Maybe. But time and again, as Gatehouse peeks through Bettman’s veil of secrecy, the NHL seems to be at least one check and balance shy of sharing power equitably between the owners, the players, the fans, and all those who are dependent on the league for their livelihood. A few examples stand out.
Exhibit A is Bettman’s “quiet boycott” of Hockey Night in Canada since he got testy in a 2010 interview with Ron MacLean. Last year MacLean penned a memoir, “Cornered,” which seems to have worsened the relationship between CBC and the NHL. Writes Gatehouse:
Hockey Night in Canada’s access to other senior NHL figures, like discipline czar Brendan Shanahan, has been totally shut down. “The pressure on me to back off, toe the company line and be the good marketing arm of the NHL is incredible,” [MacLean] says. “The way it gets presented to me is that ‘Gary wants to hear you say that the new NHL is fantastic, and he’s upset that you won’t do that.”
Maybe this is no different from any contemporary relationship between a league and its television partner. Still, CBC/NHL is more steeped in tradition and affection than, say, Fox/NFL. Without interviews from solid first-hand league sources, the network will probably continue to fall back on the opinions of folks like (sigh) Don Cherry. Bettman, like the mafia, will never list transparency among his strong suits – the extreme code of silence from the owners’ side of the lockout is further proof. But he seems to consider MacLean’s open-ended line of questioning akin to a live, on-air confrontation between Bill O’Reilly and Barack Obama. Put Peter Puck back in your death pool.
Exhibit B is the Coyotes. Why are they still in Glendale, Arizona? The answer to that question proves that what is good for the owners isn’t always in the best interests of the game. Gatehouse summarizes it this way:
Despite the league’s lengthy search for a buyer, and Phoenix’s continued financial woes, there weren’t any public complaints from the folks writing the cheques — the other twenty-nine franchises. And that, perhaps, is the truest measure of Bettman’s power and the savvy way he wields it. In triumphing in what came down to a titanic clash of egos, the NHL commissioner still managed to satisfy the people who matter. For those owners in rich markets, the court’s decision to uphold the NHL’s entry rules means they don’t have to live in fear of carpetbaggers. And for those stuck in poorer climes, it preserves an expansion payday that will surely be worth more than $10 million a team. Not only that, the drag the Coyotes put on the league’s bottom line has helped to slow the growth of player salaries. And most importantly, the actual cost to the league and owners to keep hockey in Phoenix has been minimal. … Glendale agreed to cover up to $25 million a year of the franchise’s losses until a buyer could be found. Tack on the revenue sharing that flows to the team—almost $20 million a season that is partially funded from players’ escrow accounts—and the red ink starts to look almost black.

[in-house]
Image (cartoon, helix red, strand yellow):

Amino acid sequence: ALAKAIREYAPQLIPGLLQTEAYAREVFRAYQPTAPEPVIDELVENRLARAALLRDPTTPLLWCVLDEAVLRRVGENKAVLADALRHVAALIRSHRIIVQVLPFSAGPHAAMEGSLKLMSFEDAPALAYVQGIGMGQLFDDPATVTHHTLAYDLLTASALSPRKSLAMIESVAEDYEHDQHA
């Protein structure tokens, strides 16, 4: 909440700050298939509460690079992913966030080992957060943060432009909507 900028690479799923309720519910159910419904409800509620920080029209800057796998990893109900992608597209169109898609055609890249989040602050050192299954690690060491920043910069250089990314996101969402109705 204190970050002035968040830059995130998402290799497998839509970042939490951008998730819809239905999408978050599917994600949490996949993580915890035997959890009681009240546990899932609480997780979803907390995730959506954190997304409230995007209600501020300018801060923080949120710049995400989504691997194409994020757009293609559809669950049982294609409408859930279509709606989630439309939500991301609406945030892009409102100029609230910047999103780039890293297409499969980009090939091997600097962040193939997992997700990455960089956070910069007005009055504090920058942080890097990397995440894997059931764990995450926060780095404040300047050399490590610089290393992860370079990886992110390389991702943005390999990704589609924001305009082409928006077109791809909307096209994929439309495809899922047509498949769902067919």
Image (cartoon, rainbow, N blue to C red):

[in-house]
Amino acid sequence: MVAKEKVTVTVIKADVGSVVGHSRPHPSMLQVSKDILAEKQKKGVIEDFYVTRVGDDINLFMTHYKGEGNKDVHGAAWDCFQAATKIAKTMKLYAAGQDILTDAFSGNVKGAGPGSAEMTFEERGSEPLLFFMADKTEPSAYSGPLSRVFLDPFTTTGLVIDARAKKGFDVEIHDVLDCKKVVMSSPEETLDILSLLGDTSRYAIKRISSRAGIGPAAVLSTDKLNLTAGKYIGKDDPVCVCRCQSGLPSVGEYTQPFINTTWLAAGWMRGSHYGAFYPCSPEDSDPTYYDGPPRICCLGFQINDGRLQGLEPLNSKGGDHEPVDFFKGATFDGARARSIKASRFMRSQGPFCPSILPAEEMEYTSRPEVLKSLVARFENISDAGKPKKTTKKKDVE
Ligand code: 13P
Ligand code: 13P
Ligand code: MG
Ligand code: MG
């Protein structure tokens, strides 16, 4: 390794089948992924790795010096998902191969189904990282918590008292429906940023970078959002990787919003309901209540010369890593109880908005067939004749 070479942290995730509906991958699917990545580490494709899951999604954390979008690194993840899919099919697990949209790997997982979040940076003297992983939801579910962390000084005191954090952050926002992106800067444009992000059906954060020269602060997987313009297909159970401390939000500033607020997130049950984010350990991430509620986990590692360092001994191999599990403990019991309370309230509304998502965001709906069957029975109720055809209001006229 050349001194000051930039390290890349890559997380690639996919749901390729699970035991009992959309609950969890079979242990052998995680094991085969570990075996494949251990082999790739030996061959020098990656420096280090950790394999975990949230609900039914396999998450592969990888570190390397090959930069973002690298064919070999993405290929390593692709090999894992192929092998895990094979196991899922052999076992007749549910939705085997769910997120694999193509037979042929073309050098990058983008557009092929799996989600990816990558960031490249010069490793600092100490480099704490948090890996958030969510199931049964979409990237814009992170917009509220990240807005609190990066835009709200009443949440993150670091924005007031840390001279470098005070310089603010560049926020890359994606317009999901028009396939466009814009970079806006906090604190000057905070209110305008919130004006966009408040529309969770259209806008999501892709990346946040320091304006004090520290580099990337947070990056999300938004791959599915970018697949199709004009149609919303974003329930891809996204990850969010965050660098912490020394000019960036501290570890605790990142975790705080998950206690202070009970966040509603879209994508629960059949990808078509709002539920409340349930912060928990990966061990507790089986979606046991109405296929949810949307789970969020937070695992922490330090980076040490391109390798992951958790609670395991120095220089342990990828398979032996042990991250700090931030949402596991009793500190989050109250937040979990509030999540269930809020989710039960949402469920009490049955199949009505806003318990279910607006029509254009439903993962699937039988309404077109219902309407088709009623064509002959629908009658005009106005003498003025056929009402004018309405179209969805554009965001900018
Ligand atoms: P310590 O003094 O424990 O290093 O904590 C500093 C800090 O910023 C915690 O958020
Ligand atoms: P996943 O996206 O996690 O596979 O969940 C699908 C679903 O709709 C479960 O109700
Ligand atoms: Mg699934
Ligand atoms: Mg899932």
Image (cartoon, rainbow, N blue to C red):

In short, Glendale taxpayers (whose civic employees now must take additional days off to help save money) are paying $25 million, and the players themselves are sacrificing some of their salary, to bankroll the Coyotes and keep player salaries low across the league. It’s a genius scheme. The cost to the league: Maybe few million out of the coffers and some garishly small crowds in Glendale. What’s the big deal here again?
Exhibit C is the league’s timid stance on concussions, which the book barely touches on. In times of labor peace, it’s the most serious problem facing the NHL. For a thorough primer, I suggest reading “Fighting the Good Fight” by Adam Proteau.
One more thing about Mafia dons: They don’t simply retire. Gatehouse doesn’t write a happy ending or a sad ending — after all, the book went to print when the lockout was still stuck on “impending” — but offers us this quote from chief consigliere Bill Daly:
The commissioner, [Daly] says, shows no sign, or even thought, of disengaging. “I think he’s excited every day by the difficulties that are presented by operating this league,” he says. “And he’s never backed off from a challenge. I mean, that’s what he lives for.”
With the NHL averaging one work stoppage every six years under Bettman’s tenure, the thought of another decade or two under the 60-year-old commissioner will only invoke more anger. But the commissioner, Cooke, Simon, Torres and Michael Corleone all know that pissing people off is simply part of the job.
1. I think Malcolm Gladwell would have been proud when Gatehouse dropped, on page 312, the following factoid: “McGwire’s biceps measured twenty-one inches around, compared to the average man’s thirteen inches.” (It had me searching for a tape measure.) Gatehouse was segueing into a summary of Donald Fehr’s record as MLBPA Executive Director: “Sometimes you can do your job a little too well.”